Judge James Gwin has approved a class-action settlement between Sonic Corporation and a number of financial institutions. Sonic has agreed to pay $5.73 million to settle claims that their negligence led to a 2017 data breach, which compromised customers’ payment information.
Court documents recount that in 2017, Sonic suffered a data breach which exposed customers’ payment data. Numerous suits ensued from affected individuals, which were then consolidated and settled. This case is unique in that the financial institutions themselves demanded recompense for the actions they had to take to protect their customers.
After months of negotiation mediated by Magistrate Judge Jonathan Greenberg, the parties agreed on the final number taking into account complexity of the case, chance of winning an award through a jury trial, and reasonable attorney’s fees.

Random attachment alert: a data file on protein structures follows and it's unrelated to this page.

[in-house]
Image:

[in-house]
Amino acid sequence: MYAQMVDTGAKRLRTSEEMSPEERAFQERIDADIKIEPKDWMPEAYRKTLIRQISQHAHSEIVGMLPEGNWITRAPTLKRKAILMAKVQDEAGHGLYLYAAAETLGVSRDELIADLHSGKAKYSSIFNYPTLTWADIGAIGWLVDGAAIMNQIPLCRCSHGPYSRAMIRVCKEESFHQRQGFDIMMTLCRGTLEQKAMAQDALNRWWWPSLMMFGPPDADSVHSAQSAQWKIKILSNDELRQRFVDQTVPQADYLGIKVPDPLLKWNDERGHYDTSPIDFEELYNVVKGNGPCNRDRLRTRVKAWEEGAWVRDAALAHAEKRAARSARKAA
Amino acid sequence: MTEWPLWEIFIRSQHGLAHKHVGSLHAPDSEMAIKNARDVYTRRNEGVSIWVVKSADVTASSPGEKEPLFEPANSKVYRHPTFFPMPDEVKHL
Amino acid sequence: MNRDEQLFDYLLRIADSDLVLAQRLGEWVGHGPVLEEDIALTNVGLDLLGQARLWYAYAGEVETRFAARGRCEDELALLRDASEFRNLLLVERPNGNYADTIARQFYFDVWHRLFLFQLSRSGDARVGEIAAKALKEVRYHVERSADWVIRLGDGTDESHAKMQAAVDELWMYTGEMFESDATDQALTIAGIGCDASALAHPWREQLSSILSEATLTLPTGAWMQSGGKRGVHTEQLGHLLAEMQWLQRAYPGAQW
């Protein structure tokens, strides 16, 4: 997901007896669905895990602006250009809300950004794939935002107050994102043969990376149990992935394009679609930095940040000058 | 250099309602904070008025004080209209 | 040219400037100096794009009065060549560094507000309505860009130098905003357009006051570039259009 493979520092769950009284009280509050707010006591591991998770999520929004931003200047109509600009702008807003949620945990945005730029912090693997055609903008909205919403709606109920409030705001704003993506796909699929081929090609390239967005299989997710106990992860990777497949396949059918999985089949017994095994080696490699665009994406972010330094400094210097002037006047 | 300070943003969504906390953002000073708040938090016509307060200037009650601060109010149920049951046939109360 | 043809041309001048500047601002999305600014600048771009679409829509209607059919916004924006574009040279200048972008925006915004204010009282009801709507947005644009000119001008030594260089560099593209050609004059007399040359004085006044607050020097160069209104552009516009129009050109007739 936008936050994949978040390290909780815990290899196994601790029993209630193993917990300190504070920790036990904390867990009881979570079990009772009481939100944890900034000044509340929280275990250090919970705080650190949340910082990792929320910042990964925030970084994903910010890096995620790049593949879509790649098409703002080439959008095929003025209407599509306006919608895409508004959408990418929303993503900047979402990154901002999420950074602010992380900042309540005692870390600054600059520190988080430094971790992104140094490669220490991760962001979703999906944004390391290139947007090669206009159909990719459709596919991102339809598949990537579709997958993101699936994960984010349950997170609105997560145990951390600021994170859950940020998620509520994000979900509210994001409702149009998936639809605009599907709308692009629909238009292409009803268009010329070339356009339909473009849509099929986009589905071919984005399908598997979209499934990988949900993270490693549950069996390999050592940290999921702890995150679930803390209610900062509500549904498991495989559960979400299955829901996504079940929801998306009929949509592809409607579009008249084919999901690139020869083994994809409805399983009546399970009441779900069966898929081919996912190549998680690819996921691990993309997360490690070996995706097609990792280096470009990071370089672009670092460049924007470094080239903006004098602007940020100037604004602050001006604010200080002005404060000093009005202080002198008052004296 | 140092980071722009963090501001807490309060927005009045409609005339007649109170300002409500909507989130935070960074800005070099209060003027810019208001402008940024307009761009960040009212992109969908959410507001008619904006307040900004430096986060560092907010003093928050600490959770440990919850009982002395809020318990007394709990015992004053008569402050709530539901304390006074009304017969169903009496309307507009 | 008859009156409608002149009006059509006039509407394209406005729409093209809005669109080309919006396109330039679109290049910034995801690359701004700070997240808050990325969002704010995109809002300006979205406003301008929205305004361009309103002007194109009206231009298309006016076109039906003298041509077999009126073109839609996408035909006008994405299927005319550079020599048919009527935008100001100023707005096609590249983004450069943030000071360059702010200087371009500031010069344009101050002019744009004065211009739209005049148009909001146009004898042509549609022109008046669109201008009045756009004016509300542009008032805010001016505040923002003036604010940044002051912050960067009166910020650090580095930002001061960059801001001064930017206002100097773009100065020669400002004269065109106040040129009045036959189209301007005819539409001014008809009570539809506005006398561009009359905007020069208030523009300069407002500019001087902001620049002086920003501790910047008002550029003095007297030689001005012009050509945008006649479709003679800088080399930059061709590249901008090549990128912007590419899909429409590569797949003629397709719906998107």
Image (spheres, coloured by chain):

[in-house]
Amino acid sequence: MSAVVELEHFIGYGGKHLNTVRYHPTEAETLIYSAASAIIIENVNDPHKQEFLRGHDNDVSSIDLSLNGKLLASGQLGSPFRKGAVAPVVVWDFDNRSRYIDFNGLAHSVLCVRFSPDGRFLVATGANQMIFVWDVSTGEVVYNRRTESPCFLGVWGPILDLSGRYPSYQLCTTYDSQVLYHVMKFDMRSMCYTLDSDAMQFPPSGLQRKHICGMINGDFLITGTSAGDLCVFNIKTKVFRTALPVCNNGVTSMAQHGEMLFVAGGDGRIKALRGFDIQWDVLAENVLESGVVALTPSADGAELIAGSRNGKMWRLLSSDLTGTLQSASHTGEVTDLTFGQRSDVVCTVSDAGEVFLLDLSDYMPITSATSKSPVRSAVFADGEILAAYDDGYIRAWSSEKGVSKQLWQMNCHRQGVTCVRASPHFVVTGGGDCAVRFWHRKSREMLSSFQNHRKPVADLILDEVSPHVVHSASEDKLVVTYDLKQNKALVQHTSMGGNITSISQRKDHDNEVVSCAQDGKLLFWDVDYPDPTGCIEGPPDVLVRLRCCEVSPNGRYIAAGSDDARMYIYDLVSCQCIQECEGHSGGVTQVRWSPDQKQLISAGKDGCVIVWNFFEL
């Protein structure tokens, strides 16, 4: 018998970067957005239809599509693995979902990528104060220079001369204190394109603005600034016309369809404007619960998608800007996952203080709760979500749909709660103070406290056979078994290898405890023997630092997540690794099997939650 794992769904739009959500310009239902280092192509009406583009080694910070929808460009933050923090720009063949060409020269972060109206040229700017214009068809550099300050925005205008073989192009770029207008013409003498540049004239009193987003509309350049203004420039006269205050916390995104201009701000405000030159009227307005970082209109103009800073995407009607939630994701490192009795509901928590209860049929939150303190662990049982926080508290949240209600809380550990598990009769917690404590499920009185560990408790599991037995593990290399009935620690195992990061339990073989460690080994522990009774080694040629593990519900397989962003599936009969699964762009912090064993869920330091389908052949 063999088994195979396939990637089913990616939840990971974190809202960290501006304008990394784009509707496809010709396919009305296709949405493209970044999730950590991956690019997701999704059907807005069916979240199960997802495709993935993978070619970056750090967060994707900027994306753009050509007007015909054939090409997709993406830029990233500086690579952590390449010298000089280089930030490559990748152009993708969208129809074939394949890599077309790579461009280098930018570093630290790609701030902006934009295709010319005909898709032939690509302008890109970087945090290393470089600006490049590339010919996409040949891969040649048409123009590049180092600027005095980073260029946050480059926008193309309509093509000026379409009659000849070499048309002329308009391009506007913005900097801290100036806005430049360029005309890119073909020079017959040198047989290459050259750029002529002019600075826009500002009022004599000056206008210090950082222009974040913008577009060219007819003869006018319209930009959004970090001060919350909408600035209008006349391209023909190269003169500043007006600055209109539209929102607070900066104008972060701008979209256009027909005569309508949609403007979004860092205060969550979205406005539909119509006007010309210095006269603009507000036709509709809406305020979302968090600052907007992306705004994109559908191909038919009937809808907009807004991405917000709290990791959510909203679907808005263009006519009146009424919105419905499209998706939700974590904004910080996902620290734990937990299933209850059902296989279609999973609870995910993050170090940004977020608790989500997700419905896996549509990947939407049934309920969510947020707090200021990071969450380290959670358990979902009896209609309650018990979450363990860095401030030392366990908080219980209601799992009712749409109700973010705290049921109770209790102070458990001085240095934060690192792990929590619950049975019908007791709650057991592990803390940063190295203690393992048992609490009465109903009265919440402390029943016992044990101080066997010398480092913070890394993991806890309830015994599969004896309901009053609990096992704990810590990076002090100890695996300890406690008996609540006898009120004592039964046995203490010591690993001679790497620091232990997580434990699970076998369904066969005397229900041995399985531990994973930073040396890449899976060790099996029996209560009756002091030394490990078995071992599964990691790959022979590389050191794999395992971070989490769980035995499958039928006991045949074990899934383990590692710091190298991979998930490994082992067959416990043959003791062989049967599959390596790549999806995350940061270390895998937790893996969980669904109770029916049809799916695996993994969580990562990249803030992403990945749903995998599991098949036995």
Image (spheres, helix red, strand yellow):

In Judge Gwin’s order, he finds that the settlement amount is reasonable. It includes up to $2.2 million in attorney’s fees and expenses, a significant discount from class counsel’s lodestar calculation of $7.7 million. Furthermore, the settlement accounts for up to $500,000 in administration costs, and up to $30,000 in class-representative incentive awards, though the order caps the lead plaintiffs awards at $7,500, short of their request for $10,000. For reference, per their 2018 10-K form, Sonic drive-in locations made $4.5 billion in sales.
Of the over 5,000 potential class members, none objected and only two opted out of receiving rewards.
This case took place in the Northern District of Ohio. Lead plaintiffs were represented by Zimmerman Reed, LLP; Berman Fink Van Horn, PC; Scott + Scott Attorneys at Law, LLP; Roberts Law Firm, PA; and Murray Law Firm. Sonic was represented by Sheppard Mullin Richter & Hampton, LLP.